Consumer Electronics Report Card part 2

Some of the statistics on consumer electronics companies reviewed as part of the recently released Environmental Sustainability and Innovation in the Consumer Electronics Industry Report are pretty impressive.

Epson’s packaging now comes from trees specifically grown for them. They also plant 20 percent more trees than they harvest.

The amount of electrical energy Nokia’s cell phone chargers consume when left unattended has been reduced by 90 percent over the past nine years and Nokia phones now signal users as reminders.

Panosonic’s plasma TV’s currently use 90 percent less energy than eight years ago.

Kodak has embraced recycling cameras big time. They’ve recycled 1.2 billion single-use camera since 1990, recycling 120 million last year alone.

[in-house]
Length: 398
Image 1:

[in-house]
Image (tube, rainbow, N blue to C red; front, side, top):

Intel’s capital funding program for conservation and efficiency has, since 2001, approved more than 200 projects that saved over 400 kilowatt hours of electricity.

These facts are definitely steps in the right direction for electronics manufacturers. Forward thinking from the boardroom or perhaps positive response to calls-to-action from consumers? Regardless of the reasons, consumers should continue to speak up for more broad-based conservation efforts from the electronics industry. They seem to be paying attention.